Kestrels generally choose nesting sites along the edges of woods or out in the open ground.

If the chosen cavity has loose material in it, the female will hollow out a shallow depression to hold the eggs.

8. They Squirt Feces In Their Nesting Cavities

Kestrels do not maintain a neat nest like other birds.

They defecate directly onto the walls of their nesting cavity. The feces dry on the wall but stay off the eggs and nestlings.

Kestrels also leave scraps of prey within the cavity, making it an odoriferous site.

9. The Male Helps Incubate And Feed Its Family

The female lays her eggs over 2 to 3 days. While the female is the primary incubator, the male will incubate them as well over the next 30 or so days.

During the incubation period, the male will bring food to his mate, and continues to do so after the eggs hatch. 

Once born, the hatchlings rely on their parents for food and to learn hunting skills for about 30 more days. Often they will hunt as a family or with other juveniles for a few more weeks.

Chicks need to eat twice as much as adults, as compared to their body size. A major cause of death for young kestrels is starvation, so they must learn how to capture prey.

10. They Cache Uneaten Food Year-Round

American kestrels cache, or store, food away for future consumption. Caches may be in clumps of grass, bushes, cavities, tree roots, and more. 

This ensures that they have food sources during food scarcity and when raising their young. Kestrels rely on their own caches rather than carrion.

Typically, caching is done by birds and other predators during the fall and winter, yet kestrels will do it year-round.

11. Vole Population Impacts The Kestral’s Breeding Success

On average, female American kestrels lay 4 to 7 pale-colored eggs over 2 to 3 days.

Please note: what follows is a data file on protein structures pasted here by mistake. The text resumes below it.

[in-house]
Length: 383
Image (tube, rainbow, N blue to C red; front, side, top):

Voles are a main staple in the diet of American kestrels during the winter season leading to the breeding season, when other food sources are in low supply.

The population of voles in a kestrel’s territory directly impacts how many eggs are laid. If voles are hard to be found, then kestrels may not lay any eggs. 

Conversely, when voles are in ample supply, the kestrel lays more eggs and has more fledglings.

12. American Kestrels Can Fly Fast

These birds can fly up to 39 miles per hour (mph). 

Voles, one of their preferred foods, scurry less than 10 mph. The fast speed of the kestrel allows it to effectively hone in on and capture prey.    

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13. Kestrels Have Distinctive Vocalizations

The call of the American kestrel is distinctive, and can be heard year-round, and increasingly so in the breeding season.

The sound of a kestrel is heard as a “klee”, “killy, killy”, or rapid and rhythmic chittering sounds. A long series of vocalizations can last from 1 to 2 minutes. 

Kestrels produce sounds to court mates, feed fledglings, send out an alarm about a threat, and other social communications.

This link from the Cornell Lab in New York State offers listeners examples of their calls:


14. Kestrels Have Reduced Survival Rates

Approximately only 4 out of 10 of the kestrel’s offspring survive the first year. One reason is due to inadequate food sources and starvation.